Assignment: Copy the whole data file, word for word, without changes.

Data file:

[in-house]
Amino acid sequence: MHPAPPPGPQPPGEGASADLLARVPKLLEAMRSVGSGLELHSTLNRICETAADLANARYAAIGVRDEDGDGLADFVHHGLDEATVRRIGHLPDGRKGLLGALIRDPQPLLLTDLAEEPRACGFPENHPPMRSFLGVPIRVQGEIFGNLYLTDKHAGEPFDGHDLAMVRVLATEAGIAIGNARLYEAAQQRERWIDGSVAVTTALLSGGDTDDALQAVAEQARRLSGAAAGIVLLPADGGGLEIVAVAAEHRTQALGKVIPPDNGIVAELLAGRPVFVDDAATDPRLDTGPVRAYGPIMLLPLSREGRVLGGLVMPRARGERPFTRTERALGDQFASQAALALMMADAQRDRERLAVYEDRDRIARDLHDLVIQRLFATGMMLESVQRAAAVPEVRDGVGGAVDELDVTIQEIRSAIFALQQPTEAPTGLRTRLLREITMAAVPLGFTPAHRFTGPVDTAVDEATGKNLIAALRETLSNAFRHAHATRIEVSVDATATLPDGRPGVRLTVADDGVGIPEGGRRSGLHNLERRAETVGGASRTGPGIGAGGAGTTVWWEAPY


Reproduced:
[in-house]
Amino acid sequence: MHPAPPPGPQPPGEGASADLLARVPKLLEAMRSVGSGLELHSTLNRICETAADLANARYAAIGVRDEDGDGLADFVHHGLDEATVRRIGHLPDGRKGLLGALIRDPQPLLLTDLAEEPRACGFPENHPPMRSFLGVPIRVQGEIFGNLYLTDKHAGEPFDGHDLAMVRVLATEAGIAIGNARLYEAAQQRERWIDGSVAVTTALLSGGDTDDALQAVAEQARRLSGAAAGIVLLPADGGGLEIVAVAAEHRTQALGKVIPPDNGIVAELLAGRPVFVDDAATDPRLDTGPVRAYGPIMLLPLSREGRVLGGLVMPRARGERPFTRTERALGDQFASQAALALMMADAQRDRERLAVYEDRDRIARDLHDLVIQRLFATGMMLESVQRAAAVPEVRDGVGGAVDELDVTIQEIRSAIFALQQPTEAPTGLRTRLLREITMAAVPLGFTPAHRFTGPVDTAVDEATGKNLIAALRETLSNAFRHAHATRIEVSVDATATLPDGRPGVRLTVADDGVGIPEGGRRSGLHNLERRAETVGGASRTGPGIGAGGAGTTVWWEAPY